Deaths on the road to Mogadishu as the sick in Wanleweyn have no hospital

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Saturday August 17, 2019

Ismahan Hassan Ahmed’s brother, Abdifitah, died last week at the family home in southern Somalia’s Wanleweyn, after failing to get affordable treatment for an illness.

The district hospital in Wanleweyn closed in 1991 when Somalia plunged into civil war and has never reopened. The nearest hospital is in Mogadishu, 60 km away.

“Sheikhs were reciting the Koran to him and we were using herbal medicines but his condition kept on deteriorating,” Ismahan said.

The family, who are pastoralists, could not afford to take him to Mogadishu. He had suffered from a worsening growth on his neck for three years.

“There are no good clinics in Wanlaweyn and circumstances did not allow us to take him to the city. We were told his treatment could cost an estimated $1,500,” she said.

Ismahan’s father also died some years ago after a short illness, whilst they were making plans to take him to a hospital in the city.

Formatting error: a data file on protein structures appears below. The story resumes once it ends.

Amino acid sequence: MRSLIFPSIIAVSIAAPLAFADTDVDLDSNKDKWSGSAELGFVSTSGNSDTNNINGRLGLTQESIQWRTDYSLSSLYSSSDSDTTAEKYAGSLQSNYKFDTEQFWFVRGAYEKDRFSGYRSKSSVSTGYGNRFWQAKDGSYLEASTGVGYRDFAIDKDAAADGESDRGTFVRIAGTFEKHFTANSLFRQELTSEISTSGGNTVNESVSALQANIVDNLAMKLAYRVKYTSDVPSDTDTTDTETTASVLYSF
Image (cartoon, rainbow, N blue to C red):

Mursal Mohamed, a local agro-pastoralist, returned from Mogadishu two weeks ago after taking his mother there for treatment. The private hospital bill cost him $800.

“We spend money and time taking our people to hospitals in Mogadishu. Poor people don’t get treatment. We call on our authorities to intervene in the situation,” he urged.

Lower Shabelle’s deputy regional governor, Omar Arabay, told Radio Ergo he was concerned about the lack of medical services and the impact on people’s lives. He said he had sent officials to assess the situation in the town.

“We are trying to do what we can to change the situation and we will cooperate with all agencies,” he said.

Four maternal and child health clinics and several private clinics operate in Wanlaweyn offering basic services only.

A driver, who operates between Wanlaweynand Mogadishu, told Radio Ergo that he had transported many people in critical condition to hospitals in Mogadishu. Some patients died on the way.

“The challenges here are immense,” said the driver, who sought to remain anonymous for security reasons.

“People hire private cars to transport the sick to Mogadishu. We have lost 11 people on different occasions on the way because of delays caused by militias blocking the roads for money.”

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